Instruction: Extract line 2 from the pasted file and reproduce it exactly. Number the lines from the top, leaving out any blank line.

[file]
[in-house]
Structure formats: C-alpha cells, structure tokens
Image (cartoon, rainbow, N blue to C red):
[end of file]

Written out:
Structure formats: C-alpha cells, structure tokens